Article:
sMash your library: A DiY Catalog

Learn how to construct your own library cataloging system for your home using IBM® WebSphere® sMash to create a dynamic user interface and REpresentational State Transfer (RESTful) interface to a Derby database of books. You'll be able to do the usual list, create, retrieve, update, and delete (LCRUD) operations, but most of all you'll have fun exploring this fantastic new software.

There are at least two ways you can build a sMash application. One is to use the Eclipse plug-in for sMash. Another is to use the nifty Web-based Application Builder (AppBuilder) that comes with sMash. Both of these environments have merit and value, so it is really a matter preference. This exercise uses the Web-based AppBuilder that is included with sMash.

Do library catalogs violate copyright and intellectual property rights?

Here is an article which discusses whether it's a copyright violation to display a book cover on library web sites.

Here is the.effing.librarian's opinion of the broader issue:

For years, librarians have been looking at books and telling people what the book is about: Gettysburg, Battle of, Gettysburg, Pa., 1863 -- Fiction.

And for years, people, including competing authors, have been able to riffle through these collections of book records, or "card catalogs," to see what other authors are publishing. Visiting the stacks to examine these texts is time-consuming, but librarians have been bypassing the originals materials to make this very valuable and useful information freely available to competitors for years.

You can argue that the nature of cataloging is necessary to libraries; but is it, really?

Do libraries really need to decide in which subject category to classify a book for someone to find it? Can't people just browse through all the books to find what they want?

And worse yet, libraries have been uploading these catalogs onto the Internet, thus making all of this copyrighted material available to anyone with Internet access. Shouldn't authors and publishers be protected from this blatant disregard for their intellectual property rights?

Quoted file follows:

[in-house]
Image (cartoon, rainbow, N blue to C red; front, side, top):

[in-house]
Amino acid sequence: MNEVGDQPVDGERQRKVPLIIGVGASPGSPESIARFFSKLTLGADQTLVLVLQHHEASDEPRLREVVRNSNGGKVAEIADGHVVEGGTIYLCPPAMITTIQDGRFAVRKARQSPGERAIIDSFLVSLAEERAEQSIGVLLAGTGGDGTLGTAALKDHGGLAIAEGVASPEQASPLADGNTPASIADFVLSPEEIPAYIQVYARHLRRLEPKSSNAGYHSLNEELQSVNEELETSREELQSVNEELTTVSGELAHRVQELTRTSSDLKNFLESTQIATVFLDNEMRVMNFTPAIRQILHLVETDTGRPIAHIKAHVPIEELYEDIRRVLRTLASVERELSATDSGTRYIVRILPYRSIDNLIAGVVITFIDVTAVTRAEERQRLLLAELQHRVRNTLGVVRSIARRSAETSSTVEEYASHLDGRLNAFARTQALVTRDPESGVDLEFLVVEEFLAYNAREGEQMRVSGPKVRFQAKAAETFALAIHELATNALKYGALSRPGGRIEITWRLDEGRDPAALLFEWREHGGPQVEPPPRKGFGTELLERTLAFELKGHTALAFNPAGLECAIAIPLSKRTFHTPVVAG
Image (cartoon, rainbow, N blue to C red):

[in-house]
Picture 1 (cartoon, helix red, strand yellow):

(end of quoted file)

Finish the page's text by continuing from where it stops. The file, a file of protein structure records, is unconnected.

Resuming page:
Is this legal?
Sure, you can argue fair use, but really, what is fair?

WorldCat tagging debuts

OCLC Abstracts Says You and your users can now keep track of your favorite items in WorldCat through tags—keywords that help you classify or describe an item. Tags are displayed in search results lists and may help you find similar items or organize items in a way that makes sense to you. You can add as many tags as you would like to an unlimited set of items. You can view and maintain all of your personalized tags from your WorldCat profile page. Plus, you can also browse items using the tags other people have contributed.
(Via iLibrarian)

Dewey overdue for a makeover, librarians say

Southtown Star - Chicago,IL, Dewey overdue for a makeover, librarians say
In the sober, settled atmosphere of a library there is a radical movement afoot that is knocking books off their long established shelves and throwing Dewey out the window.

At 6 a.m. on a Sunday morning, when most library patrons are pulling the covers over their heads, refusing to acknowledge the rising sun, two bold and daring librarians are stirring at the Frankfort Public Library, shuffling books and tearing off those time-honored Dewey Decimal System numbers that no one really understood anyway.


Browsing LCSH